Filled Up, Fed Up! Embracing the Zen of MCM

 

EMBRACING SPACE.

Part of what attracted me to Mid-Century Modern design is the simplicity and openness of the architecture, the wedding of outdoor and indoor spaces, thus creating a delightful blur between us and the rest of nature with window walls and sliding glass doors that invite us to explore beyond the four walls.  While you can still fill it all up, this type of architecture begs for simplicity and looks its’ very best sparse. Sparing in both landscape and furnishings works to showcase the design and create expansiveness. Most MCM homes were not large sprawls but under 2500 sq feet. Mine is 2105 and I had to significantly pare down and squeeze into it.  2 years in, I have given up a leather lounge set and other furnishings too substantial, too heavy and large to fit comfortably.  Our home looks fairly spacious and I am continuing to reduce things.

To get you into the vibe, check out William Krisel’s Palm Springs: The Language of Modernism.  And you don’t have to live in an MCM home to appreciate a lot of the aesthetics and apply them where you are right now.

LET IT GO.

A few years ago, my husband and I agreed to let go of anything we either didn’t really love or didn’t use at least annually.  Being fully mindful of what is used and what continues to sit year after year is eye opening.  Sure, the thing may be nice or be a lovely gift but if you are not actively using it or it is not a delight to the eye, such as a piece of art, then let it go to a new home where it can live out the life intended for it and thereby create space for something you truly want or need in its place.

THINGS DON’T ALWAYS STORE WELL.

I have a neighbor who collects stuff.  He wants it all for free, anything anyone doesn’t want, stuff left over at a garage sale or left curbside.  He will admit it weighs him down, he has boxes and boxes of stuff and has even built a new garage and rented a storage unit to contain it all.  Things don’t always store well.  Fabric, rubber,  materials get dry rot. Hoses, seals and belts dry out, wiring can get ruined as well.   I had an opportunity to buy someone’s 1 year used high-end washer dryer set but they had been in storage for a few years.  I just pictured the potential hot mess I was buying and said no.  Things are made to be used and few things remain pristine and perfect for long periods unused.  Buy and hold onto what you need and let the rest go.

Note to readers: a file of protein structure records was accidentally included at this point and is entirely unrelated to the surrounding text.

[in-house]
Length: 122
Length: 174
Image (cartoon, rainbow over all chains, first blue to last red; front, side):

LAND OF PLENTY.

We tend to think in terms of great deals and opportunities that come only once, sales and getting stocked up.  The truth is that the universe is infinite.  When we act with right action, with good intentions, the universe conspires to provide us what we need and want in our lives.  There is no need for jealousy or clawing at what we want, it will happen when it’s time, when we are ready, as we plan in faith.

MY STORY.

I will share just two.  Story 1) I spent 3 years searching for a Mid-Century Modern house, they are suddenly all the rage and I completely get why, however, it made finding mine a bit of a living hell.  I had notebooks filled with zip codes, prices, addresses and comments. It was a second job for me, finding our Middy.  I looked so long and hard that the same houses came back on the market.  You know you’ve been looking a while when that happens.  As it turns out, a home I lost the first time around, came back 1.5 years later when the couple that bought it realised they would never ever move back to Dallas and sold it to me.  I lucked into a pocket listing where this house had not yet gone officially back on the market, back on MLS, but the current owner called my realtor who said ‘I have your buyer’.  Planning, patience, preparedness and a little kismet!  Sometimes I wanted to give up, perhaps it was not meant to be.  A year into the search, some friends asked me how long I was going to pursue it but my realtor said looking this length of time was not unheard of and to stay the course.  So I did.